Willie Parker, 69, shows pictures of his flood-damaged home in Baton Rouge, Louisiana. Parker is waiting for help from Rebuilding Together Baton Rouge, a nonprofit that shifted its focus to flood victims following torrential rains last summer.
© The Pew Charitable Trusts
BATON ROUGE, La. — Alma Jackson’s modest red-brick rancher with the mint green shutters wasn’t supposed to flood.
The house sits half a block from the flood plain in this suburban pocket just outside the city limits, but when torrential rains overwhelmed nearby rivers last August, the water swept in, rising five feet high.
Like thousands of her neighbors whose properties were never expected to take on water, Jackson didn’t have flood insurance, so she had to rely on money from the Federal Emergency Management Agency to gut and repair her home.
But this spring, after living in a hotel for months and spending her entire FEMA payout on repairs, Jackson was no closer to coming home. It was then that volunteers from a local nonprofit arrived to install new floors, replace the kitchen cabinets and finish other projects that remained after her FEMA money ran out.
“I know I couldn’t get this house back together myself,” Jackson, 65, said as she worked on finishing touches in late April.
Private donors and nonprofits like Rebuilding Together Baton Rouge, which helped Jackson, are expected to spend more on disaster recovery as natural disasters become more frequent and expensive. But philanthropy experts caution that while post-disaster giving, made easier by the internet, has become ubiquitous, foundations and nonprofits need to adjust their tactics to focus not only on immediate disaster response, but on reinforcing communities to better withstand disaster and supporting long-term recovery efforts.
It can take months to dole out federal payments to homeowners, and many times there isn’t enough money to fully repair devastated homes. Private money helps to some extent, but after the initial rush of volunteers go home and donations dry up, many homes are still not completely restored.
“If you think about the delay in federal money, it’s private philanthropy that fills the gap,” said John Spain, the executive vice president of the Baton Rouge Area Foundation, which has given more than $5.5 million to area churches, schools and other nonprofits for flood relief since August.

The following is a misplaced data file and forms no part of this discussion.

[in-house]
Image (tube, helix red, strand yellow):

Disaster relief groups that step in immediately after a storm often lack the resources to continue serving communities that need long-term help. It is hard to quantify just how much private money is needed in Baton Rouge and surrounding localities, Spain said, but he knows his group and others like it haven’t raised enough to help everyone.
Jackson was unwilling to talk about the final cost of repairs, but Chris Andrews, the executive director of Rebuilding Together Baton Rouge, said his organization dispatched volunteers and paid for several thousand dollars’ worth of work and supplies at her home.
Thanks to post-flood donations, the group’s bank account has swelled from $40,000 to more than $800,000. Andrews hopes to push past $1 million this year, but expects to spend every penny. It costs the group about $12,000 to $15,000 to rehabilitate a flooded house.
“We just started contacting homeowners and asking if they needed assistance and they all, without fail, did,” said Andrews, a semi-retired Methodist minister.
Typically, the organization focuses on upgrades like wheelchair ramps and shower stall grab bars so low-income, aging residents can stay at home, but in the wake of the flood, Andrews said his group’s focus has shifted to flood victims.
They have refurbished 18 houses since August, which is usually how many they attend to in an entire year. Their volunteers are doing bigger projects than usual — replacing drywall, installing flooring, and building entirely new kitchens.
“Most of them would have been potential legitimate clients for us,” Andrews said. “They fit the age demographic, they fit the income requirement, and they are living in houses that they’ve occupied for 30 or 40 years with a lot of deferred maintenance.”
Chris Andrews (left), executive director of Rebuilding Together Baton Rouge, talks to a volunteer as they prepare to repair drywall in a Baton Rouge home that was flooded last August.
© The Pew Charitable Trusts
Reimagining Disaster Philanthropy
Americans have gotten good at responding to the immediate aftermath of natural disasters. Following a major storm there is often a rush to donate money and supplies while volunteers, organized by churches, schools, and first responder organizations like the Red Cross parachute into affected areas.
But that is not enough. Private donors and nonprofits need to expand their recovery focus to include improvements before disasters strike and long-term recovery to help communities rebuild quickly and affordably, said Robert Ottenhoff, the president and CEO of the Center for Disaster Philanthropy.
“We’re able to rescue people to put them in temporary housing. We’re able to provide them with food and clothing,” he said. “We’re not as well coordinated in terms of what it takes to do the long-term recovery.”
Sometimes organizations lack the volunteers, money and plans to stick around for long-term work. But one Louisiana nonprofit is proposing a solution to that.
SBP, a rebuilding organization that originated in St. Bernard Parish 11 years ago, following Hurricane Katrina, has launched a pilot program with the state under which the nonprofit will be reimbursed for some of the construction work it does.
SBP, a nonprofit that helps homeowners rebuild after disasters, advertises its services in a New Orleans neighborhood that was hit by a tornado in February.